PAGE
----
In little more than a decade, the registered community design has become an essential part of many companies’ IP strategies, as Udo Pfleghar explains.
When the first registered community design (RCD) applications were filed on April 1, 2003, no-one could have foreseen the resounding success of the system during the years that followed. In that first year alone some 40,500 applications for RCDs were filed with the Office for Harmonization in the Internal Market (OHIM)—far more than the management of the OHIM had expected. Some 10 years later, more than 690,000 applications have been filed.
The framework for the RCD is contained in the Community Design Regulation which came into force on March 6, 2002. This was a revolution in the protection of intellectual and industrial property rights in Europe similar to that caused by the introduction of the Community trademark some six years earlier.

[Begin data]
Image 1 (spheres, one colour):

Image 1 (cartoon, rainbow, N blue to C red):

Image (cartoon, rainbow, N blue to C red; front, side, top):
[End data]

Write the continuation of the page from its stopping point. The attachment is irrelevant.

Community designs grant an exclusive right in the external appearance of a product or part of it, to the extent that this appearance results from the features of the product itself and/or its ornamentation. Such features include in particular the lines, contours, colours, shape, texture and/or materials. The design simply needs to be novel and possess individual character.
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RCD, OHIM, trademark, CTM,